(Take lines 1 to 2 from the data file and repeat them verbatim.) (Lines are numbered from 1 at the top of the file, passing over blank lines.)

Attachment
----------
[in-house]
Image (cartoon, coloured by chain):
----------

[in-house]
Image (cartoon, coloured by chain):